Long Read

Empowering girls to end child marriage

“People in our village think of girls as burden” says Sriti Kumari, 15 years old, from Deoghar, Jharkand, India. In Deoghar, the rate of child marriage is 52,7%. Our partner NEEDS is trying to Stop child marriage through the empowerment of adolescent girls, like Sriti. So that they can keep themselves in the schools, improving on their life skills, to say ‘no’ and negotiate with the parents and the society.

A healthy and happy life

“When NEEDS came to our village two years back, they faced lot of opposition from the elders of the village,” remembers Sriti. “According to them there was no need for girls to go to school after class 8 or to attend training sessions. Dowry is an important reason why parents want to marry off their girls as soon as possible. For them girls are meant to get married off to take care of their in-laws. Thus instead of studying they should rather focus on learning cooking, washing utensils and other household chores.”

“Right to survival, right to development, right to protection, right to participation. We were not aware of such basic rights earlier,” explains Sriti. “Not only us but our parents and the villagers were also informed about these rights. Now we have immense self-confidence to lead a healthy and happy life.”

“Why can’t parents tell their boys to behave properly with girls?”

Whenever there is sexual violence against a girl, people from the village always hold the girl responsible and not the perpetrator. Character assassination of the girl is done by the ignorant villagers.

Parents tell their girls to behave appropriately once they step outside home. Girls are instructed to conduct themselves properly so that their parents don’t have to hang their head in shame.

Even girls can have dreams

“After the arrival of the trainers from NEEDS, they informed us about our rights and helped us to realize that even girls can have dreams.”

“Before marriage it is our parents who take care of our expenses and after marriage it is the husbands. But if we study and not get married early, we can work and take care of our own expenses. We won’t have to get permission from our parents or husbands before buying anything for ourselves. We won’t have to ask or beg anymore for money. We can be completely independent.”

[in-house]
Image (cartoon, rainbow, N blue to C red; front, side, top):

“No one talks about my marriage anymore. My ultimate aim is to empower girls of remote villages who haven’t got much exposure in life and who have always lived under the shadows of their parents or husbands.”

Results

Needs is currently working with 5000 adolescents in one sub-district;

  •  2300 girls that had to leave school were able to come back to school.
  • Over 340 girls stayed at school because of counselling support.
  • In the last 18 months, 45 child marriages have been stopped on the day of marriage.

 

Violation of children’s rights

Child marriage is a gross violation of children’s rights to health, protection, and bodily integrity, and an impediment to sustainable development. It often leads to negative health impacts, truncated education, lack of access to income generation opportunities, and increased risk of intimate partner violence.

Although child marriage affects both boys and girls, girls and women suffer disproportionately from its consequences. 15 million girls are married each year. In the developing world, one in three girls is married before reaching 18 years of age and one in nine girls before 15.

Click here to learn more about our work to end child marriage.

Read how we decreased maternal and child mortality rates in Eastern India.

Learn more about the international summit on the ending of child marriages in Senegal, 24 countries from West and Central Africa want to ban child marriage.

Start the conversation

Share this article

Long Reads

A long read is a full-length article covering one of our current topics.

More ‘long reads’ Read next long read